Sentinel-1, the first Earth Observation mission in ESA’s Copernicus programme, is a constellation of two polar-orbiting, all-weather, day-and-night, synthetic aperture radar (SAR) satellites which are used to monitor ice and oceans as well as changes on land. Sentinel-1A was launched in April 2014, and was joined in orbit by 1B in April 2016. Together, they monitor the entire planet, passing over the same spot on the ground every 6 days.
CPOM uses Sentinel-1 data to closely monitor the flow of ice out of many large outlet glaciers in Greenland and Antarctica, to track the location of icebergs, and to measure the grounding line position – which is the boundary between ice shelves that floating on the ocean and the grounded ice sheet. Sentinel-1 data has already provided valuable scientific results, demonstrating for example how quickly Antarctica’s Pine Island glacier is flowing.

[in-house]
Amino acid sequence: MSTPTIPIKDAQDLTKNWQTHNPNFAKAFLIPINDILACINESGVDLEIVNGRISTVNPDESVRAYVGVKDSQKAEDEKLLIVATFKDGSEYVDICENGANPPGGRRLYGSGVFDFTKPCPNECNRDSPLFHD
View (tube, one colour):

Greenland’s Zachariae Isstrom glacier and Thwaites glacier in Antarctica (illustrated below) are another two large ice streams which are continuously monitored through the CPOM ice velocity portal, where ice velocity data is made freely available to the scientific community.